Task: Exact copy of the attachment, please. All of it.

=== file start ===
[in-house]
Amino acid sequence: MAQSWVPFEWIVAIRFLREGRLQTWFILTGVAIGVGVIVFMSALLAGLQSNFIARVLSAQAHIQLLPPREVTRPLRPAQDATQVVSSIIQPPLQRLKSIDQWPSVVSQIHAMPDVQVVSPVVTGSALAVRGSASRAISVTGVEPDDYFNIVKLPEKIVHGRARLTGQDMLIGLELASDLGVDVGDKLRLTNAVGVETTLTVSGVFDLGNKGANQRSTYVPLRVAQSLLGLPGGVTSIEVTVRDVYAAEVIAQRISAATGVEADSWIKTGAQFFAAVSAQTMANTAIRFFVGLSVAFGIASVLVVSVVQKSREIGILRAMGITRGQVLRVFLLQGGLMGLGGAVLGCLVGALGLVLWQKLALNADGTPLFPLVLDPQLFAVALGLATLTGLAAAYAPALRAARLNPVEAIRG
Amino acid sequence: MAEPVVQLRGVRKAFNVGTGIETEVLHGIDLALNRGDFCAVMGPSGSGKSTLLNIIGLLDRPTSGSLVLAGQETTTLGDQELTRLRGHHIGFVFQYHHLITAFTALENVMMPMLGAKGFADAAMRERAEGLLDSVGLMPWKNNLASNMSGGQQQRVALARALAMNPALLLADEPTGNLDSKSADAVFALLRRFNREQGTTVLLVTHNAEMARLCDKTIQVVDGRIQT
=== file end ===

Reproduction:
[in-house]
Amino acid sequence: MAQSWVPFEWIVAIRFLREGRLQTWFILTGVAIGVGVIVFMSALLAGLQSNFIARVLSAQAHIQLLPPREVTRPLRPAQDATQVVSSIIQPPLQRLKSIDQWPSVVSQIHAMPDVQVVSPVVTGSALAVRGSASRAISVTGVEPDDYFNIVKLPEKIVHGRARLTGQDMLIGLELASDLGVDVGDKLRLTNAVGVETTLTVSGVFDLGNKGANQRSTYVPLRVAQSLLGLPGGVTSIEVTVRDVYAAEVIAQRISAATGVEADSWIKTGAQFFAAVSAQTMANTAIRFFVGLSVAFGIASVLVVSVVQKSREIGILRAMGITRGQVLRVFLLQGGLMGLGGAVLGCLVGALGLVLWQKLALNADGTPLFPLVLDPQLFAVALGLATLTGLAAAYAPALRAARLNPVEAIRG
Amino acid sequence: MAEPVVQLRGVRKAFNVGTGIETEVLHGIDLALNRGDFCAVMGPSGSGKSTLLNIIGLLDRPTSGSLVLAGQETTTLGDQELTRLRGHHIGFVFQYHHLITAFTALENVMMPMLGAKGFADAAMRERAEGLLDSVGLMPWKNNLASNMSGGQQQRVALARALAMNPALLLADEPTGNLDSKSADAVFALLRRFNREQGTTVLLVTHNAEMARLCDKTIQVVDGRIQT